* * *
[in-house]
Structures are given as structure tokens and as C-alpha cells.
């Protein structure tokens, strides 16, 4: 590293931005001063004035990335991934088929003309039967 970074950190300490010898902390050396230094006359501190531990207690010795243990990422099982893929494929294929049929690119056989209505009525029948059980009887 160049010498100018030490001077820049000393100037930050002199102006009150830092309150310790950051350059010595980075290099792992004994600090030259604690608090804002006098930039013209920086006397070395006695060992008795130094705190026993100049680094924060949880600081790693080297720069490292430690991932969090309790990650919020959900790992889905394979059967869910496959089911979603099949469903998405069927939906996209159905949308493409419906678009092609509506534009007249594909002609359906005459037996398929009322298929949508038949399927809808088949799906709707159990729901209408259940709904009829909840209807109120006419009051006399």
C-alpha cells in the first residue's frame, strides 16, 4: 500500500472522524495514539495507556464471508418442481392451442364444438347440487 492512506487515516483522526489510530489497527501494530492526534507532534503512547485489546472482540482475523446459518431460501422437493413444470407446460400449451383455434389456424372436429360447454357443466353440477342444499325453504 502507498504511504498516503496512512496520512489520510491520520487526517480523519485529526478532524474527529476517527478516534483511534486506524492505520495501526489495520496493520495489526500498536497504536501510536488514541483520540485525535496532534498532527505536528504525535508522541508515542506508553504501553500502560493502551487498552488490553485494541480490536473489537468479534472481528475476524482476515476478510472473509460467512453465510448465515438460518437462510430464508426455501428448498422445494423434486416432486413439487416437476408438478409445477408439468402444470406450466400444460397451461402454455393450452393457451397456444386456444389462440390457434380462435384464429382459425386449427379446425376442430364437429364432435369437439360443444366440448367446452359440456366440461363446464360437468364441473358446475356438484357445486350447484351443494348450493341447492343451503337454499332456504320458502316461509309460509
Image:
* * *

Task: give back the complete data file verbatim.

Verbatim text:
[in-house]
Structures are given as structure tokens and as C-alpha cells.
């Protein structure tokens, strides 16, 4: 590293931005001063004035990335991934088929003309039967 970074950190300490010898902390050396230094006359501190531990207690010795243990990422099982893929494929294929049929690119056989209505009525029948059980009887 160049010498100018030490001077820049000393100037930050002199102006009150830092309150310790950051350059010595980075290099792992004994600090030259604690608090804002006098930039013209920086006397070395006695060992008795130094705190026993100049680094924060949880600081790693080297720069490292430690991932969090309790990650919020959900790992889905394979059967869910496959089911979603099949469903998405069927939906996209159905949308493409419906678009092609509506534009007249594909002609359906005459037996398929009322298929949508038949399927809808088949799906709707159990729901209408259940709904009829909840209807109120006419009051006399």
C-alpha cells in the first residue's frame, strides 16, 4: 500500500472522524495514539495507556464471508418442481392451442364444438347440487 492512506487515516483522526489510530489497527501494530492526534507532534503512547485489546472482540482475523446459518431460501422437493413444470407446460400449451383455434389456424372436429360447454357443466353440477342444499325453504 502507498504511504498516503496512512496520512489520510491520520487526517480523519485529526478532524474527529476517527478516534483511534486506524492505520495501526489495520496493520495489526500498536497504536501510536488514541483520540485525535496532534498532527505536528504525535508522541508515542506508553504501553500502560493502551487498552488490553485494541480490536473489537468479534472481528475476524482476515476478510472473509460467512453465510448465515438460518437462510430464508426455501428448498422445494423434486416432486413439487416437476408438478409445477408439468402444470406450466400444460397451461402454455393450452393457451397456444386456444389462440390457434380462435384464429382459425386449427379446425376442430364437429364432435369437439360443444366440448367446452359440456366440461363446464360437468364441473358446475356438484357445486350447484351443494348450493341447492343451503337454499332456504320458502316461509309460509
Image: